The night of the shooting, Watkins was seen leaving in his white truck and arriving at his girlfriend’s house 45 minutes later, still in the same vehicle. From cell phone and tower information, it is clear that Watkins was on his phone before, during, and after the accident.

GIP took over this case in 2016, and, while investigating with the true crime podcast Undisclosed, they found multiple types of misconduct that led them to submit a habeas petition. Specifically, they found juror misconduct, where a juror completed an unauthorized drive test to determine whether Joey’s alibi was solid, and official misconduct, where the “State withheld evidence from the defense and presented false/misleading testimony related to evidence withheld.” Judge Don Thompson denied the petition, though the Georgia Supreme Court allowed GIP to appeal. Then in April 2022, after new evidence and reasonings were argued, Judge Thompson granted the appeal, allowing Watkins a new trial. In May, Georgia’s Attorney General, Chris Carr, filed a notice of appeal for Watkins’ case. The Supreme Court of Georgia docketed the case and oral arguments were held on October 4th, 2022. On this day, Watkins’ team went before the supreme court to argue Judge Thompson’s decision was correct. Currently, Watkins and his team are awaiting Georgia Supreme Court’s decisions, which should be released by mid-March of 2023.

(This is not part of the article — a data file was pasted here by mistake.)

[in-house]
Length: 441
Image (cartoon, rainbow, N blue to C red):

In 1994, a woman began receiving harassing phone calls. Weeks later, she received another phone call, which said “see you soon.” A day later, while taking out her trash, someone came to her house, forced his way into her house, and attempted to rape her. Luckily, the victim was able to find a handgun and fired it, scaring off the assailant.

When police made a composite sketch of the intruder based on the victim’s description, he was mustacheless. The victim’s boyfriend mentioned that if the sketch had a mustache, it would look like Earnest Ray White, a man he knew from the gym. After this comment, the police added a mustache to the sketch, and the victim’s boyfriend began to say that White was the assailant. White became the primary suspect in the case. The police set up a photo array and an in-person lineup, where White was the only person in both the array and line-up. From these, the victim identified White. According to a 2013 scientific study published in the Applied Cognitive Society, a common person in two identification processes affects the viewer’s decision. Police also investigated the harassment phone calls but found no connection to White. At the time of the incident, a scanner recording White’s job activities, as well as his co-workers, placed him at work. Still, based on the victim’s identification and composite sketch (with a mustache), White was convicted of aggravated assault, burglary, and bodily injury and was sentenced to life in prison.